History and Production Methods

Synthetic Sapphire is one of the hardest man-made materials – second only to Synthetic Diamond. It is a 99.99% pure single crystal Aluminium Oxide and is normally completely colourless as it does not contain the impurities that lend naturally occurring sapphire gemstones their blue colour. However, sometimes a few parts per million of a particular chromate are added to the raw powder producing variously coloured crystals, such as dark red synthetic Ruby.

Since the late 19th century the majority of Synthetic Sapphire and Ruby is still grown by the Verneuil flame fusion process named after its inventor, however it is only economical for items up to Ø40mm. This material is mostly used for mechanical applications as the resulting crystals can suffer from crystalline inhomogeneities including lineage, strain, striae and macroscopic bubbles. As a result, most of the optical grade sapphire supplied by Agate today is grown by the Kyropoulos method – also named after its inventor. This method, for direct crystallization of the melt, yields large-diameter homogenous boules of exceptionally high optical quality.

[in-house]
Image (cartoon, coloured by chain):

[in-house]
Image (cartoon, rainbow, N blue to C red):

A similar process is used to grow sapphire rod, tube and even flat ribbon in long lengths and of various configurations. This Edge-defined, Film-fed Growth (EFG) method involves pulling the crystal from above a molybdenum die of the desired shape floating on the surface of the melt. The end product has a transparent ribbed finish, which can be machined to a smooth optical surface with minimal stock removal, however the body of the material is not as homogenous as Kyropoulos sapphire.

Technical Information